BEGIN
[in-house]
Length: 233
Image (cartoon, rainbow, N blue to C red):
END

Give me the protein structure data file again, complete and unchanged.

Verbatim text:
[in-house]
Length: 233
Image (cartoon, rainbow, N blue to C red):